Katherine of K. MacColl Bags makes sophisticated tote bags using wool fabrics. They come in five different looks and two large sizes, and in a number of colorways and patterns.

A box of colorful yarn.

Melissa is celebrating the launch of her new Canada-based shop, Alley Cat Yarns, with free shipping within North America and 20% off purchases of $150CAD or more, through the end of August.

Purple and teal variegated yarn.

Maelstrom Fiber Arts’ Gothic Mermaid Collection is inspired by the legends and lore of sirens or mermaids. Jennifer’s colorways are available on the majority of her bases, including a new non-Superwash fingering-weight yarn.

Gray shark stitch markers.

It’s Shark Week, so celebrate with WeeOnes miniature shark stitch markers at a 10% discount through this Sunday! You get a hammerhead, great white, black-tipped reef shark, and a longtail carpet shark made by Jillian with your choice of soldered rings or lobster claw clasps.

A spiral of brightly colored hanks of yarn.

The chunky Coriedale wool and Superwash Merino fingering wool from Quiltwoman.com is dyed with a variety of needlework projects, including rug hooking/punching and punch needle embroidery, in mind. Aside from yarn, the Quiltwoman.com shop has a variety of patterns and kits.

A multicolored striped shawl.

Vanessa of Cape May Fiber Company has a new shawl design called Froth that uses either three full-sized fingering-weight skeins or 12 minis, and she has kits in her very own naturally-dyed colors.

A box of brightly colored yarn next to a book.

Barbara’s Spencer Hill Naturally Dyed Yarn turns 10 years old this month, so celebrate with one of her colorful five base yarns and custom-spun yarns from small farms in NY and PA.

A braid of black and purple fiber and the words Purple Girl.

Natalie of Fiberdog Fibers is a new indie who offers hand-dyed fibers, as well as hand-dyed and handspun yarn, using almost exclusively raw fleeces that she washes, cards, dyes and spins herself.

Red, blue and gray hand-dyed yarn.

You can still join AnnieDot Creative’s ongoing Fantastic Socks: a yarn club inspired by Newt Scamander. The year-long club features colorways that bring Newt’s magical creatures to life.

ADKnits has a knitting sticker designed for all the campers out there.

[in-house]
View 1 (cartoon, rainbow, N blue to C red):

What to stash while you get ready for Indie Untangled Everywhere

A white teacup sits in front of fairy lights on a handknit with the worlds Advent 2020 let's get cozy.

Heather of Sew Happy Jane, who is one of our Indie Untangled Everywhere vendors, is opening preorders tomorrow for her 2020 Advent Calendars, designed to bring that cozy, comforting feeling we need right now.

Mini mannequins wearing colorful mini sweaters.

Selena of Sweater Sisters is having a huge clearance sale to make way for fall yarns. Two of her luxury fingering bases are 40% off. It’s also time once again for her Mini Sweater Challenge.

Packages with black and white cat stickers and dog paw tissue paper.

The latest mystery box from Michelle of Crafty Flutterby Creations is totally pawsome. You have your choice of cat or dog, notions only, pin and notions, or cuff and notions. Subscribers will also be the first to get two new shapes of end minders inspired by our four-legged family members.

The edge of a pink and orange botanical brioche wrap.

The latest design from Amanda of Handmaine Knits, the Floret Wrap, is a botanically-inspired brioche trapezoid that comes in a three-color version and a six-color gradient version.

A teal and green lacy and textured shawl.

The Mermaids in the Waves shawl MKAL from Softyarn Designs is no longer a mystery. Join in and chat along, and enter to win prizes, including a gift card from dyer Jilly and Kiddles.

Amanda of Wild Hair Studio has a Lord of the Rings-inspired spinning Advent calendar.

Introducing: Indie Untangled Everywhere!

An illustration showing various animals in brown, orange and teal knitting, crocheting, spinning and enjoying yarn while connecting through various devices.

Illustration by Eloise Narrigan

By now, many of us expected to be casting on projects to finish in time for the fall fiber festival season, when we could look forward to showing them off while doling out hugs and those appreciative pets that only our fellow yarn people understand.

2020 had other plans for us… A couple of months ago, after we realized that an in-person Indie Untangled trunk show was not in the cards, IU event producer Petrina and I kickstarted our idea for a virtual alternative that would provide the connections we’ve all been craving.

We’re excited to announce that Indie Untangled Everywhere will be taking place on October 15, 16 and 17 and you’re invited to join us from wherever you are!

Previously, we were limited in what we could do by space, time and cost. But now, no matter where you’re located or what your schedule is like, you can gather with us, our indie vendors and some special guests for three whole days of fiber fun.

I’m sure you’re asking: How will this work?​ Well, since you already follow Indie Untangled, it will feel a little familiar, but there are also many new, interactive things we’re excited to include.

General Admission tickets will go on sale next Friday, August 7. Your $5 ticket will take you to a special section of the Indie Untangled website. From there, you’ll be able to browse virtual vendor booths that will feature video introductions and tours, photo galleries, and access to special products and discounts. You’ll also be able to meet dyers and makers during interactive shopping sessions and pop into a virtual lounge where you can connect with fiber friends old and new.

Once you purchase your ticket, you’ll be able to preorder mini boxes that will let you feel and squish our vendors’ Superwash and rustic yarns before you buy full skeins online, purchase Indie Untangled tote bags and swag, and register to attend events, including interactive chats with guest designers.

Additionally, because we know this year in particular has been economically challenging for many people, we are also partnering with one of our generous sponsors, New Hampshire yarn shop Scratch Supply Co., to provide financial assistance to six members of our community.